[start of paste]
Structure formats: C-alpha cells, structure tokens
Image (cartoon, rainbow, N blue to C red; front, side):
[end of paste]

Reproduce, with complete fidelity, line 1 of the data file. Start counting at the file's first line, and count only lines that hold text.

Structure formats: C-alpha cells, structure tokens